This single letter references 6 healthcare providers and 3 insurers, all of whom are party in some way to the cause of the claim denial. Each one of those providers should have prepared their own appeal to the claim denials resulting from their services. Each one could have coordinated with the surgical practice to align the language to the originating claim and appeal. But only the first provider filed an appeal — and it was filed by their billing department, without providing the requested supporting documentation. The only appeal that was filed was half-assed. No other providers coordinated to correct. All 6 providers in this case allowed the full financial responsibility for a medically necessary covered service to fall onto the family’s shoulders.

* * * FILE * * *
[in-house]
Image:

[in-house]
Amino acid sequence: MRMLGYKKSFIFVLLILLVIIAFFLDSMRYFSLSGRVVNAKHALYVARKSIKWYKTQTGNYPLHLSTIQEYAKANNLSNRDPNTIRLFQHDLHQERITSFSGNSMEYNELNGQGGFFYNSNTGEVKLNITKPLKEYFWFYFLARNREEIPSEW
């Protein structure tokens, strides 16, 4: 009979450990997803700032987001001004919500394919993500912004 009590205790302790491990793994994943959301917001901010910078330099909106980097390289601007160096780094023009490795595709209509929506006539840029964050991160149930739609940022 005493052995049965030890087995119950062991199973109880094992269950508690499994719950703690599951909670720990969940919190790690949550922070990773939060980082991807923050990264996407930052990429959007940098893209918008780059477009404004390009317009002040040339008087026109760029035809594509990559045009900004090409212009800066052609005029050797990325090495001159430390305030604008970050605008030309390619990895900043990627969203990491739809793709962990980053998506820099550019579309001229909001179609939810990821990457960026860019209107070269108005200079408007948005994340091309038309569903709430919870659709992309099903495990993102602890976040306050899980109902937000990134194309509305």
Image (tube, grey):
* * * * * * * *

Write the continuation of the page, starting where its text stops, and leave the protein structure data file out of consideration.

Shame on them all. And shame on us, as an industry, for not just allowing this process to happen — but for accepting it as inevitable, breaking family’s backs behind the scenes while meeting “quality” and “value” metrics on paper.

Are you prepared to research and respond like this, if it happened to you?

It happens thousands of times a day

This could easily happen to you, or someone you love. It happens thousands of times each day, to people who have done nothing but receive covered healthcare services from in-network healthcare providers while diligently paying their health insurance premiums.

With all the detail provided in this appeal, this claim — and all subsequent claims resulting from this injury — may not be paid. And even if the claim IS paid, the medical debt incurred may have already been sold (a process hilariously and tragically detailed by John Oliver, here) and this family (and their credit ratings) may be haunted by “zombie debt” for the next decade.